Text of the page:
If the 1978-82 Festive Fifty period can now be categorised as very much the punk honeymoon period, 1983 had signalled the emergence of a mid-to-late eighties era that had started off very prmisingly, but would come to be categorised by declining numbers of voters and an increasing conservatism as the decade wore on. 1984 offered evidence of this in the shape of the threatened dominance of the chart by a small number of promiment bands (a threat that would soon be realised); most notable here are the Smiths, New Order and, in a golden year for them, the Cocteau Twins. Despite this, mid-eighties political voices remain healthily in evidence, though less so than in 1983. Gothic rock, diametrically opposed to it in pretty much every respect, reaches it peak with Sisters Of Mercy having their best year, and they're joined by tracks from teh Cult and Flesh For Lulu. Such stylings sit uneasily in the year of the miner's strike as Thatherism, bolstered by that second election victory, showed still great arrogance and inhumanity - can there ever have been a more disgraceful term for British workers than "the enemy within"?  Fortunately, we still had Robert Wyatt, Billy Bragg and the Redskins, among others, refusing to lie down before the steamroller, or indeed flee from it. (Whitby, M., The Festive Fifty, Nevin Publishing 2005, p.19.)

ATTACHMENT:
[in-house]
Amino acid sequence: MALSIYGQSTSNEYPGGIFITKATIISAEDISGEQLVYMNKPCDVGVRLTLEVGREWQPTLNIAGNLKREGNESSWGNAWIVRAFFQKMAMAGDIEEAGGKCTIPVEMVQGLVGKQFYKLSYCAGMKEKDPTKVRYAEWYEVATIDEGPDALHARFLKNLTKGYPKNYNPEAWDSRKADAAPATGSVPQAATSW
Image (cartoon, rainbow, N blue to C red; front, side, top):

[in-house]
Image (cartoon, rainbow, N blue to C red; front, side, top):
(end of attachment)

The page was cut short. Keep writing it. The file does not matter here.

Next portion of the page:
02: Cocteau Twins, 'Pearly Dewdrop Drops (12 inch-B side of The Spangle Maker)' (4AD)
01: Smiths, 'How Soon Is Now (LP-Hatful Of Hollow)' (Rough Trade)
The chart rundown sections of each show are available, along with varying proportions of the session sections. Please contact the Peel Mailing List if you have complete recordings of the above dates
↑In reality, Thatcher was referring to the unions and their part in the miners' strike when she told the 1922 Committee, "We had to fight the enemy without in the Falklands. We always have to be aware of the enemy within, which is much more difficult to fight and more dangerous to liberty."